The week of September 23, the results were in. Five ideas, including one of mine, were selected to participate in an Innovation Sprint where teams would rapidly define their problems, customer segments and market potential. Take a look at the ideas that moved on to the next round of the competition.

  • Prescribed food delivery (Submitted by Cassi Adkins, Clinical Education Specialist for all of OSF HealthCare): Create a healthy grocery delivery system for our most vulnerable patients.
  • Partner with home health agencies to decrease ER visits (Submitted by Ellen Chaney, Innovation Coordinator for the Center for Information Management): Develop a way to keep individuals from being readmitted to the emergency room for conditions a home health agency could assist with.
  • OSF “Uber” (Submitted by Carissa Dodwell, Performance Improvement Specialist): Implement a transportation system to pick up or drop off patients, increasing appointment compliance.
  • Prevention App (Submitted by Denise Molina-Weiger, Writer for OSF Innovation): Develop an app that clinicians could offer to at-risk patients that gave them the tools to transition to a healthy lifestyle with a step-by-step process.
  • NextDoor for health care (Submitted by Tate Ralph, Simulation Engineer for Jump): Create a platform that connects individuals within their local communities to serve those with health care needs (rides to appointment, grocery shopping, prescription retrieval/monitoring).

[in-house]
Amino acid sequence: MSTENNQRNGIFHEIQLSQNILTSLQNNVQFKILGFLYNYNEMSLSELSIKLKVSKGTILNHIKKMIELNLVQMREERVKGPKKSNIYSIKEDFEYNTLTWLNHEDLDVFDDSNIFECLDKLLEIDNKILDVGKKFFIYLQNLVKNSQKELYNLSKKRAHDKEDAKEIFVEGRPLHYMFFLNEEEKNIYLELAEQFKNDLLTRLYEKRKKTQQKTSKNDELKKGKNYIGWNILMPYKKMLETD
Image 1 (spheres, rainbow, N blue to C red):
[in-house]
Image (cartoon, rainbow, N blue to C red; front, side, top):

There were so many great ideas; I was honored to be chosen among those who would participate in the Innovation Sprint—an activity a majority of us had never done before. All we had to do was form multidisciplinary teams of up to five people. We would learn what comes next in just a couple of weeks.

This is part one of the Trailblazer experience. If you want to know how the Innovation Sprint went down and what came after that — be sure to subscribe to the OSF HealthCare blog!

About Author: Denise Molina-Weiger

Denise Molina-Weiger is a Writing Coordinator for OSF HealthCare, where she has worked since March 2015. She initially came to OSF to write about the work taking place at the Jump Trading Simulation & Education Center, one of the world’s largest simulation and innovation centers and went on to become the Media Relations Coordinator for OSF Innovation which was developed to help the hospital system lead the way in transforming care.

Before joining the OSF HealthCare team, Denise was a reporter for Peoria Public Radio for ten years, writing on everything from politics, housing and transportation issues to hospital care in the region. She earned her bachelor’s degree in radio broadcasting from Western Illinois University in 2003 and received her master’s degree in public affairs reporting from the University of Illinois at Springfield in 2004.

Denise lives in West Peoria with her husband, son and two crazy dogs. In her spare time, she likes to snuggle on the couch with her family and watch cooking shows on Netflix. She loves taking road trips with her family and then complaining about it when they are over.

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Categories: Innovation